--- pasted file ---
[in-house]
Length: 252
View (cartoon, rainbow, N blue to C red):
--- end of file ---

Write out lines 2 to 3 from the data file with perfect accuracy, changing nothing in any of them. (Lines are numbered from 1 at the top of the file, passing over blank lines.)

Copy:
Length: 252
View (cartoon, rainbow, N blue to C red):